“The music scene is often full of ego and individualism but here in Steam Down we are all about the village and building together ‘One Body’,” says Ahnansé. “[Steam Down] gives us a community of like-minded musicians, friendship and people to depend on and build with over time.”
Errol echoes Ahnansé’s statement about individualism. “I feel that 2021 and the last 10 years have made people a lot more individualistic and in their own heads. Social media forced a lot of people who might otherwise just be an artist to think like brands, and I’m sure there are positives to that as well but, what about people that just want to do stuff for the sake of creating? I think it’s quite nice to be able to share responsibilities amongst a group of people who have similar motives, energies, ethos and to share it, because at the end of the day, we’re humans and humans are social beings.”
This is not to say that people can’t make things happen on their own, Errol points out, but there’s a greater sense of fulfillment when working with others who share the same vision as you. There’s so much power in collective action.
“Sometimes people, myself included at the start of Touching Bass, have a vision for this utopian space,” Errol continues. “You very quickly realise that it helps to make it a shared dream, because working by yourself is hard work and it’s nice to work with people who have a shared ethos or at least a smidgen of a shared understanding. It’s so powerful that you’re working with other people that feel similar to how you do and want to help build something, together.”
There’s a lot of people involved in the running of Touching Bass, Lemon Lounge and Steam Down; everyone has a role to play in making the conversations and ideas a reality.
At Touching Bass they have people working on the bookings, resident DJs – Shy One, Wu-Lu, Sammseedeed and Poison Zcora – a visual and creative team, and they’ve just made their first official hire: a label assistant and community manager.
Lemon Lounge also has a huge family of people pitching in, particularly when hosting their festival residencies at We Out Here and Brainchild. Some are focused on bookings and workshops, others on site builds, event production and decor, while many helping hands ebb and flow in and out, year on year.
Steam Down class themselves as more of an organisation in terms of how they’re structured. “Everyone is so important to making the vibes and energy in the music,” Ahnansé explains. “Some people are working on the records, some touring the music and others holding down the village at SDWeekly.”
There’s a huge pay off when you’re sharing the work and the rewards; for Oli at Lemon Lounge, seeing the physical and emotional results is what makes it all worth it.
“It’s such a great feeling seeing loads of smiling faces on the dance floor and knowing that we’ve built this from the ground up from the sound system itself to the music curation and decor. It’s really special to welcome new people in and see them get taken away with the atmosphere.”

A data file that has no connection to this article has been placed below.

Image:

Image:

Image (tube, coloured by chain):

It’s moments of gratification like these that keep these communities going. As Alex and Errol concur: it gives them purpose. “I knew I had something I needed to do, or we needed to do: to offer, create and facilitate,” Errol explains. “Touching Bass gave me a sense of direction. Like Alex said earlier, we’ve grown into the vision and it has become more clear. We know what we’re trying to do, what we’re trying to say and how we’re trying to say it. That’s definitely very meaningful and powerful.”
Looking to the future, Errol wants to put more emphasis on supporting the next generation, be that through facilitating conversations, opportunities or mentorships.
“I just want to continue to create a doorway for others like me. So, education, mentoring and support networks. Whether it’s a studio space which young people can use or something like that, that’s definitely going to be a part of it.”
This type of work could help to inspire a new wave of young people to begin their own movements or collectives. Touching Bass, Lemon Lounge and Steam Down are proof you can build a special community from the ground up; it just comes down to motive and intention.
“Make sure you know why you are doing what you do,” Steam Down band leader Wayne affirms. “Your ‘why’ drives everything and clarifying it as much as possible at the beginning determines where you’ll end up. Secondly, be prepared to work hard for it.”
Oli agrees that authenticity and purpose has to guide what you’re doing. “Book your mates to DJ, create the right atmosphere, don’t be too business about it and have a smile on your face. If your main objective is to make money with it, the audience will smell that a mile off and it’s off putting. If your objective is to have a great night, then that will rub off too.”
For Touching Bass, just like Emma Warren’s book advocates, it comes back to the importance of having the right physical space, and people around you are willing to help make things happen. “It’s about finding a nice little space where you can just gather, and then get your friends to help you, because you can’t do it by yourself,” Alex says.
She notes the need for patience too. “Don’t worry too much about how many people come in the beginning because it takes time. The start is so up and down but you just have to keep pushing and believe in your gut.”